Even with the choicest grapes there is no guarantee that you can produce the best wine. The reason. Yeast plays a critical part in the fermentation process. It is a basic element of the wine making process. You have to know about yeast and its impact on the final product. This is because yeasts are responsible for giving a unique flavor, taste and aroma to the finest wines of Europe, California, Australia, Chili and other places across the globe. If you are a new winemaker, you ought to familiarize yourself with the different types of yeast available for the winemaking process.
One of the most important factors in the final flavor of your wine you want to achieve is the type of wine making yeast you use. In a recent poll the average number of yeasts used to obtain the signature hint and taste can be up to six varieties. The big problem is that there are hundreds of yeasts available for winemaking. Because of this, I would recommend using the yeast that is paired with the type of wine you want to produce. There are yeasts for white wine production or red wine production and you should start with these as a benchmark. After a few batches you can start to experiment with additional yeasts to fine tune your vintage wines ultimate flavor.
For the amateur winemaker you only have to deal with six basic types of yeast. The most common of all is the Saccharomyces cerevisiae variety and is preferred by people who make wine at home. Coincidentally, it is the same yeast used in bread making. Most winemakers use this yeast for the primary fermentation process. If you want to make sparkling wines use Saccharomyces cerevisiae for the first fermentation process and a second variety of yeast for the second fermentation, which will produce the classic bubbles.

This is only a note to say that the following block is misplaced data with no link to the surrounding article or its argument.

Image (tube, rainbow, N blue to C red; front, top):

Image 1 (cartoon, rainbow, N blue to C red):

Saccharomyces cerevisiae is basic wine making yeast that has additional sub varieties. The Saccharomyces cerevisiae var. bayanus is known as flor yeast and it is usually used specifically in the making of sherry and champagne wines. Another popular strain of this yeast is the Pasteur champagne yeast used in white wine production but not Champagne production and Prise de Mousse which is a good sparkling wine secondary fermentor and available in most winemaking supply stores.
The Saccharomyces cerevisiae var. cerevisiae has additional strains including Cote des Blanks (formerly Epernay II) and Motrachet red and white varieties. Motrachet is one of the most popular winemaking yeasts. Assmannshausen is a German yeast strain used for Pinot Noir and Zinfandel wine production. Pasteur Red is used for Cabernet Sauvignon, Merlot and Zinfandel wines. Pasteur White is usually used for fermentation in stainless steel vats vs. wooden barrels. Steinberg is a German strain from Germany and is used for Gewurztraminer, Chenin Blank and Muscat.
These are the most popular varieties used in home wine making, but there are many more available. If you search the Internet you will find dozens of sites with detailed information on yeasts. Most wine making supply sites have this information available.